University partnership inspired Chubu alum to return, introduce his wife to OHIO
The 50-year bond between Chubu University (formerly the Chubu Institute of Technology) and Ohio University, also referred to as the OHIO-Chubu partnership, has been particularly notable for the exchange of each institution’s professors, students, knowledge and gifts during its 50 years.
One OHIO couple knows this sense of interrelation well. After participating in the Chubu program in the late 1980s, Akihisa Hamabuchi, MA ’95, MS ’96, returned to pursue his first graduate degree at OHIO in 1994, bringing along his wife, Yukie Hamabuchi, MS ’96. The following year, they shared a combined OHIO experience by completing the same accounting graduate program.
Akihisa is one of the few OHIO alumni who carry degrees from both OHIO and Chubu universities, earning a bachelor's and master’s degree from Chubu in the late ’80s and early ’90s before returning to OHIO for master’s degrees in international studies and accounting.
Between his first two years at OHIO (1987 to 1989) in the exchange scholarship program and his master’s degree conferrals from OHIO in the mid-90s, Akihisa spent time in Japan, where he worked for Texas Instruments. There, he met Yukie; they married in 1993 and began making plans to come to OHIO together.
With a bachelor’s degree in English literature already under her belt, Yukie started her OHIO education with undergraduate accounting classes to get up to speed before applying to the master’s program. With Akihisa’s recommendation, she decided to meet with one of the professors in the accounting department to discuss her next steps.
“We just walked in without any appointment, but Dr. Robert Sharp was a very friendly person,” Yukie said. She presented Sharp with her resume and a list of courses from her Japanese university and a private accounting school, then asked for his advice in achieving her goal of becoming a certified public accountant (CPA). “He was very kind, and he personally recommended me some course plans,” she recalls. Sharp also recommended that Yukie apply for the master’s program in accounting that he had just started.
Yukie and Akihisa both applied for the program, and both were accepted. The two studied under Sharp and his wife, O’Bleness professor of accounting Dr. Florence Sharp. The nascent graduate program had a relatively small number of participants, as Akihisa recalls, allowing him and Yukie to develop deep connections with both professors.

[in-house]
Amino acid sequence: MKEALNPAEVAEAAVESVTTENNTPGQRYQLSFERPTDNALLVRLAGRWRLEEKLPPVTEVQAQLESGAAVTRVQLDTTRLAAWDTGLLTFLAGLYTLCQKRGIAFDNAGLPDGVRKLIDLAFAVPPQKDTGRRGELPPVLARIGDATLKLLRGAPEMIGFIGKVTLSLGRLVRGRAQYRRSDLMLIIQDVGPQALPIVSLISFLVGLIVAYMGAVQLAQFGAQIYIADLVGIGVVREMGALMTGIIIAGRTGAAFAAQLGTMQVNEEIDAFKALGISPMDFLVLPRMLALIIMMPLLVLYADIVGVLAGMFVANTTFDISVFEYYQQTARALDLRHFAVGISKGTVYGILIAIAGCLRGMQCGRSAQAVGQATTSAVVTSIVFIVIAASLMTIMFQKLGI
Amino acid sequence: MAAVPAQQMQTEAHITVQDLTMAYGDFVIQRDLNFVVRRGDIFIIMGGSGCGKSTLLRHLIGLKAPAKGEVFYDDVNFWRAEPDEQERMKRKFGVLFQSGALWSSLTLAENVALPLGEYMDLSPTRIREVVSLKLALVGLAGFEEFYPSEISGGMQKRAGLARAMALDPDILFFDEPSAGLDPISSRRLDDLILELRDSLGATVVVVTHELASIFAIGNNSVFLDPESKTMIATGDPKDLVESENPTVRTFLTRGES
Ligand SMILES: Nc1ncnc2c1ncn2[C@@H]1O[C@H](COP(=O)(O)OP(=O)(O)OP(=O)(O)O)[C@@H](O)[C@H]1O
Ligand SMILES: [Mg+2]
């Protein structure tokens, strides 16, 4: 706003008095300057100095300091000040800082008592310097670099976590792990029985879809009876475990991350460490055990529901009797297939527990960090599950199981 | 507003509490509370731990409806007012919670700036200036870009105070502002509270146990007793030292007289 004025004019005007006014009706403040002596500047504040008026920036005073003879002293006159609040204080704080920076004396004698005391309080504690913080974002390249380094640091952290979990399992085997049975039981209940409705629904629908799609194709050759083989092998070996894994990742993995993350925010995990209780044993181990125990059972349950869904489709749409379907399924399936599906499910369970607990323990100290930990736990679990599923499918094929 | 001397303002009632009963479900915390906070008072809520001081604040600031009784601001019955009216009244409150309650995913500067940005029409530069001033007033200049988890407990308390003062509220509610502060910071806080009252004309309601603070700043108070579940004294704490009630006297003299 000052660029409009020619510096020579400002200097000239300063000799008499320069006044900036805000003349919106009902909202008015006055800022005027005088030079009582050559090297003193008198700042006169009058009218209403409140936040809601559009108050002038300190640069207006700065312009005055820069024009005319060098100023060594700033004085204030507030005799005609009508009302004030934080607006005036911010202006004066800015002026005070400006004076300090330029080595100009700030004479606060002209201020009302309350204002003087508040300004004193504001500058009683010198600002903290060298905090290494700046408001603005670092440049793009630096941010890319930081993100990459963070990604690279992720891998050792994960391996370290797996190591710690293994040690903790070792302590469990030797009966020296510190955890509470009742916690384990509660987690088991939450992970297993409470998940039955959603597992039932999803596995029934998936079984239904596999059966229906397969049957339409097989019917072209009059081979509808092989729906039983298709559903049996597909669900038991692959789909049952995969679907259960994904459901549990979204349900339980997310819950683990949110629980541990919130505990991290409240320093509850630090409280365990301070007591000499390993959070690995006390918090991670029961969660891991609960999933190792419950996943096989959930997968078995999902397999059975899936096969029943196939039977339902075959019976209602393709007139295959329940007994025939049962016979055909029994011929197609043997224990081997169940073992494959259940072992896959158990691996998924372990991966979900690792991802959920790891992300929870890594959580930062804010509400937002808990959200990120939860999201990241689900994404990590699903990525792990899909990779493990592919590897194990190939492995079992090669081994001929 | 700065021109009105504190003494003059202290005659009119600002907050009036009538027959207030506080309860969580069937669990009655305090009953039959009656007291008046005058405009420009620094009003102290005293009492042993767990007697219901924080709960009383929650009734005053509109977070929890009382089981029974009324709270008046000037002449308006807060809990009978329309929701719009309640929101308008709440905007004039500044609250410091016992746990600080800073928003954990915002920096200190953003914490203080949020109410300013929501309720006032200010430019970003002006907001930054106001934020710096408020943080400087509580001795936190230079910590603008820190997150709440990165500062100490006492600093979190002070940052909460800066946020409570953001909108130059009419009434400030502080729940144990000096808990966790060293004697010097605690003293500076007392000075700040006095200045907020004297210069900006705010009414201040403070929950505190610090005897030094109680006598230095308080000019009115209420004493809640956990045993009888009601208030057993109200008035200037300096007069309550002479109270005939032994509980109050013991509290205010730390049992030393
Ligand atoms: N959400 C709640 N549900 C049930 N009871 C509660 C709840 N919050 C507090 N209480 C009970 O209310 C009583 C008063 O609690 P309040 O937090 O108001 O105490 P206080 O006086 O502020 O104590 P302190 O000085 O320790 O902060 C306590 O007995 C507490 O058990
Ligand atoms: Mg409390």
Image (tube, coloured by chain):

Post-graduation, the Hamabuchis’ relationship with the Sharps led them to move to Columbus to work at KPMG’s Columbus office, where Akihisa was in the audit department and Yukie was in the tax department. Today, the Hamabuchis are both CPAs living in New Jersey with their adult daughter, Ellis, who also works at one of the Big 4 accounting firms and recently became a CPA, and a high school-age son, Ellia.
“I met many visiting professors and lecturers from OHIO, and so that was my big asset,” Akihisa said. “Everyone I met at Chubu who were from OHIO … they provided me a huge amount of help. Not only guidance and consultation, but also cultural things: how to think and how to survive in the community. … I want to thank everyone I met.”
OHIO professors were hugely influential to the Hamabuchis; Akihisa is still able to list the names and departments of those who taught at Chubu, saying he “really appreciates their friendship.” OHIO’s local accounting instructors, especially Drs. Robert and Florence Sharp, also hold a special place in Yukie and Akihisa’s hearts.” They are just incredible people,” he said. “We still have a connection with many of them. … We just cannot believe it’s been 30 years since [graduating].”
Akihisa's former English instructor at Chubu, OHIO professor Susan Gilfert, was also highly influential to him, as was her father, Dr. James Gilfert. The elder Gilfert was OHIO’s first visiting professor at Chubu in 1973, and he was a great mentor while Akihisa was at OHIO. After Dr. Gilfert died in 2013, Akihisa said, his will dictated that a part of his remains be scattered in Japan. Akihisa started working with Susan and Chubu officials to realize Dr. Gilfert's will. At this time, they plan to scatter Dr. Gilfert's ashes at Chubu's Kohei Miura Garden, named for Chubu’s founder and the site where American Dogwood trees that OHIO gifted to Chubu are planted.
Referring to Chubu University as “the very starting point,” Akihisa said, “I’m hoping that the good, long, relationship between Chubu and OHIO continues in the future.”
For more information about the relationship between Chubu University and Ohio University, visit the OHIO Office of Global Affairs’ website.